and perspectives. Thirty percent of Tufts students, at
some time in their lives, have lived outside their country
and one quarter do not have English as their first language.
Today, nearly 30 percent of Tufts students are African
American, Latino, Native American or Asian American. Nearly
one fourth of our students are from small towns and rural
areas and more than 20 percent are from large cities.
We need to provide an environment for students to develop
strong analytical skills, the ability to act and think
independently, and the ability to communicate successfully
across cultures if they are going to be effective leaders
with complex issues, opportunities and challenges that
neither they nor we can anticipate.
So you see the
admissions process as overlapping with meeting the needs
of both prospective students and undergraduates already
In the admissions effort we try to imagine the ways that
prospective students will add to the quality of the educational
experience here. We try to reflect to the members of our
community the characteristics that are important to incoming
students, and we work to alert prospective students to
the special people and opportunities here on campus. One
thing that has changed over the years is that the aspirations
of everyone associated with the university have grown
and that is a critical asset. We are not going to continue
to leap ahead if we don’t believe in ourselves,
if we do not believe we can accomplish even more. But
in order to do this we needed to work with others. One
of the things we moved to very quickly was to increase
the involvement and assistance of alumni and students.
We expanded the Tufts University Alumni Admissions Program
(TAAP) from about 600 people to 3,000 alumni in a space
of less than two years. That network has been critical
to us in terms of appreciating who our graduates are and
helping us develop an effective network strategy for operating
here and overseas. The Student Outreach Program has grown
to nearly 700 students who volunteer as state and regional
representatives, are tour guides, orientation meeting
panelists, and run the April Open House and Student of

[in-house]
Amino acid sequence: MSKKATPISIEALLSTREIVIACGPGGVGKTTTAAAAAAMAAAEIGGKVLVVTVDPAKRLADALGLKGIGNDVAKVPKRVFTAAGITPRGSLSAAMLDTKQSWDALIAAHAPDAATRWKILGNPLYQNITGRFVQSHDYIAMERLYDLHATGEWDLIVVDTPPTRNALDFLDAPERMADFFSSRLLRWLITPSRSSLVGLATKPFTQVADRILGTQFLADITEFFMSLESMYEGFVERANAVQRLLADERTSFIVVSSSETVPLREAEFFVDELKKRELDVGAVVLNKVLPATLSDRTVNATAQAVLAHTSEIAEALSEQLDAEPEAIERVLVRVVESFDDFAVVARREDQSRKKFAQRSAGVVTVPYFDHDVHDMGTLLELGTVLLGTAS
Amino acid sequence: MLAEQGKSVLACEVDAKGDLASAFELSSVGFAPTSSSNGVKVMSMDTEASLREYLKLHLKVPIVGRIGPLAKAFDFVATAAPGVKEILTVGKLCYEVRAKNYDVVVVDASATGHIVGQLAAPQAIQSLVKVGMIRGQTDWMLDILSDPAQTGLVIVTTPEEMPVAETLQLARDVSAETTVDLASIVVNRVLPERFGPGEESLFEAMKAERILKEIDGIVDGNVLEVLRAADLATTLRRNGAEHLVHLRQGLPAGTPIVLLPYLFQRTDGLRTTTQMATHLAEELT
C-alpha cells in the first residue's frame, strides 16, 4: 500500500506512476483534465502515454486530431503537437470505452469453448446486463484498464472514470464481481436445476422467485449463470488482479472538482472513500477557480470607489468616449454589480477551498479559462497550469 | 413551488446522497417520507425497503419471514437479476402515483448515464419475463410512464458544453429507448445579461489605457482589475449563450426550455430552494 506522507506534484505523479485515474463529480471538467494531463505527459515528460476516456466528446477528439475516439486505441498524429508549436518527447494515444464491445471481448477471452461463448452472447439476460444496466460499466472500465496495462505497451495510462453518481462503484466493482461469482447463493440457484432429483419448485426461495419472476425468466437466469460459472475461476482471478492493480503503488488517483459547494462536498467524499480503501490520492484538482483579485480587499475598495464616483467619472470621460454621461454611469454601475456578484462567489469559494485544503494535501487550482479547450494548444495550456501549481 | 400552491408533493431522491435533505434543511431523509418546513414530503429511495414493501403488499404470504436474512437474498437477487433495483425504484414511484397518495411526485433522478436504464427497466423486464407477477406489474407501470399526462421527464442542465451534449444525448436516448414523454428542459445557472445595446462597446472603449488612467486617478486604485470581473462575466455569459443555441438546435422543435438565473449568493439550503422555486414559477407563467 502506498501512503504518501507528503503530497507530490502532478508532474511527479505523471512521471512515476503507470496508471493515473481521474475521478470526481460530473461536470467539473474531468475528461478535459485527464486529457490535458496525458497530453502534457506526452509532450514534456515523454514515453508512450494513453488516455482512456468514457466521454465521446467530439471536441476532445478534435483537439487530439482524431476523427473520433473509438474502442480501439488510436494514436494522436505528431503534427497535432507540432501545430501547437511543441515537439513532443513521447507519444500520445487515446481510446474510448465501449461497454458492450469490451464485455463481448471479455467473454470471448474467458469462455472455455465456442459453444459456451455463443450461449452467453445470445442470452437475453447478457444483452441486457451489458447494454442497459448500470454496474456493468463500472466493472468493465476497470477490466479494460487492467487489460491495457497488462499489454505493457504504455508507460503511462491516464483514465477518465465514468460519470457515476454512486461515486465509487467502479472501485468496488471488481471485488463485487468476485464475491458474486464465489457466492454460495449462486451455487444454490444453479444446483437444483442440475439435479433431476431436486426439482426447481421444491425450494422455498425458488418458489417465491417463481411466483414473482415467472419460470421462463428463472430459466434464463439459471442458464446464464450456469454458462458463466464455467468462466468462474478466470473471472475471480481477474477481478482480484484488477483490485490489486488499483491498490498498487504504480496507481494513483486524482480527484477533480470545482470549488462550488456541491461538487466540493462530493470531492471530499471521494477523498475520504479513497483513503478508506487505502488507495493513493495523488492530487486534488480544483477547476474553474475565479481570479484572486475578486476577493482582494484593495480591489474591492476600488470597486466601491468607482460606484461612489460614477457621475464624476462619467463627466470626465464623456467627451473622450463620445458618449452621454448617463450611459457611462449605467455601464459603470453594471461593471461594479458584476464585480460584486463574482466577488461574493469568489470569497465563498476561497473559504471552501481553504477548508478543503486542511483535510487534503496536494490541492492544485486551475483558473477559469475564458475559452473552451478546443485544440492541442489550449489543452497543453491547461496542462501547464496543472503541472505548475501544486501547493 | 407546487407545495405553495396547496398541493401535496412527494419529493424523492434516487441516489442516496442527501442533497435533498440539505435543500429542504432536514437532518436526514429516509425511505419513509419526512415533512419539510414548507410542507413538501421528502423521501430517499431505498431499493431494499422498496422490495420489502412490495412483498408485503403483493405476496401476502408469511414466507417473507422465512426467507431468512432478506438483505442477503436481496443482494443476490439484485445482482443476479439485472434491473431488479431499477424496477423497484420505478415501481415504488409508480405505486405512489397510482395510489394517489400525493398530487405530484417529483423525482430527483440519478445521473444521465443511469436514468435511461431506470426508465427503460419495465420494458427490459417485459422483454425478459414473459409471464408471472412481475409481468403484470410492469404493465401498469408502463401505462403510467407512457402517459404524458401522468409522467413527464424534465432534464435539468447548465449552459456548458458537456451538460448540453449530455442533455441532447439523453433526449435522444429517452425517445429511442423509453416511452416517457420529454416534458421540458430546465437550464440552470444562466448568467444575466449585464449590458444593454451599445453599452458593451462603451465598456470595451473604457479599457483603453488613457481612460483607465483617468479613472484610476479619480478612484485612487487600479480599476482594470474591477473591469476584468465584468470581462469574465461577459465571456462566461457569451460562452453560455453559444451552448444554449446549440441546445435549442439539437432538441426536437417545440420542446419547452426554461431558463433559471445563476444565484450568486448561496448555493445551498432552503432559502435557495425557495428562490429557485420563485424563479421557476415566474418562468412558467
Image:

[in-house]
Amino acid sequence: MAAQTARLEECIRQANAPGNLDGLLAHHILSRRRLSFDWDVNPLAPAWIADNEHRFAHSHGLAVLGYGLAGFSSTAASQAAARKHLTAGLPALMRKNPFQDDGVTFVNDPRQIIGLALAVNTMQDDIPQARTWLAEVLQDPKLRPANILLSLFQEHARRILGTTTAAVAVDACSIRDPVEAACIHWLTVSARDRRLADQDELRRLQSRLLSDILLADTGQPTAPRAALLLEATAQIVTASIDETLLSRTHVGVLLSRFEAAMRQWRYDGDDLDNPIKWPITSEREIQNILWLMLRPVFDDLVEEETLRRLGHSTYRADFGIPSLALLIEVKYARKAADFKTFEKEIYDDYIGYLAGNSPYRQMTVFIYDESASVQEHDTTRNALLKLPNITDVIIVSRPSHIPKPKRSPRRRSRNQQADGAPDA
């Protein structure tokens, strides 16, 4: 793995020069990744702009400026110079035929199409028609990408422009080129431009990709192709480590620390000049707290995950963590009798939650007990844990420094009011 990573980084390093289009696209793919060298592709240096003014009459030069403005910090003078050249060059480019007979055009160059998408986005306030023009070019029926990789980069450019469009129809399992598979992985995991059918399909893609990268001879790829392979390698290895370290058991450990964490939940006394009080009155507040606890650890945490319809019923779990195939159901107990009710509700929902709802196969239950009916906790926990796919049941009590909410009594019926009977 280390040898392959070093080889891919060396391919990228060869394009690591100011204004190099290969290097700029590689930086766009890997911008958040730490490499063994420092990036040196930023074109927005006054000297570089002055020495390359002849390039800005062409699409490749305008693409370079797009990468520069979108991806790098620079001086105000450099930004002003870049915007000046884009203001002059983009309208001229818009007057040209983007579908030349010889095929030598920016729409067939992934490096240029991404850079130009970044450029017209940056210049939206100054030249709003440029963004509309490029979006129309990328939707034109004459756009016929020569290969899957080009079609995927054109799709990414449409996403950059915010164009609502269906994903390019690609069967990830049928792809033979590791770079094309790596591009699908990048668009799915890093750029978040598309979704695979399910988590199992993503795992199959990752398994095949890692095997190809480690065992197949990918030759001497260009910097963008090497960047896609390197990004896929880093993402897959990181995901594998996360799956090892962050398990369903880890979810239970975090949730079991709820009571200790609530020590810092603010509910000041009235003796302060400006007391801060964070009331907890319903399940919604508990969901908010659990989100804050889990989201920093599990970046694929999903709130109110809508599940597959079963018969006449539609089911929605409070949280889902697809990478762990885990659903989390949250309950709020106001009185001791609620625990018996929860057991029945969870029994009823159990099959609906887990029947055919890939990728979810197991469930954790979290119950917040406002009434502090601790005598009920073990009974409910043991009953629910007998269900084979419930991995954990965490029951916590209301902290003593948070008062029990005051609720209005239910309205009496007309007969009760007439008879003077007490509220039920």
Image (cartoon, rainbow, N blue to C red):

Color Outreach programs for admitted students.
How have perceptions
about Tufts changed?
Not long ago you used to hear Tufts referred to as a small
liberal arts school. Well, we’re not small. We most
frequently share applicants with schools such as Cornell,
Columbia, Johns Hopkins, MIT, University of Chicago, UPenn,
Georgetown, Northwestern, Dartmouth. But with the exception
of Penn, Cornell and Northwestern, the range of difference
in terms of size of class is not very great.
What makes Tufts stand out is that it is a place where
the faculty is involved in the creation of new knowledge
but in a way that increases the quality of undergraduate
education. Students are encouraged to be active and engaged
learners from their arrival on campus by participating
in research, projects and internships enhancing their
abilities as critical and independent thinkers able to
articulate their ideas. For example, when they did an
accreditation for the School of Engineering and asked,
“Where are your research labs and teaching labs?”
they learned that our students have access to everything,
we don’t have research labs and teaching labs, we
have labs. Tufts gives students the benefit of working
with people who create knowledge and of studying in a
place structurally prepared to share the process of learning
and development. The intentional preparation of our students
to be thoughtful, informed leaders and innovators prepared
for many endeavors to which they may be drawn in an interdependent
world will be critical to our students and, I expect,
they will continue to prove important reasons for talented
students to come to Tufts.
Seminar on Proliferation-Counterproliferation and Homeland
Security Issues, offered for the first time in Spring
Robert Pfaltzgraff, Shelby Cullom Davis Professor of International
Security Studies, Fletcher School of Law and Diplomacy
Is there a historical context for the notion of homeland
a term that we’ve used in the security studies community
because we have been concerned about the vulnerability
of the U.S. for a long time. In fact, in the summer of
2001, several months before the terrorist attacks of 9/11,
I was planning a large conference with the U.S. Coast
Guard on homeland security, together with other security
analysts. The term had been around for several years before
9/11; since 9/11, however, we have an official definition
of homeland security as “a concerted national effort
to prevent terrorist attacks within the United States,
reduce America’s vulnerability to terrorism, and
minimize the damage and recover from attacks that do occur.”